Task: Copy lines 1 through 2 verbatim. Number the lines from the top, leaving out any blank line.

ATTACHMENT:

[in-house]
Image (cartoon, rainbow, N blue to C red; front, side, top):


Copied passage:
[in-house]
Image (cartoon, rainbow, N blue to C red; front, side, top):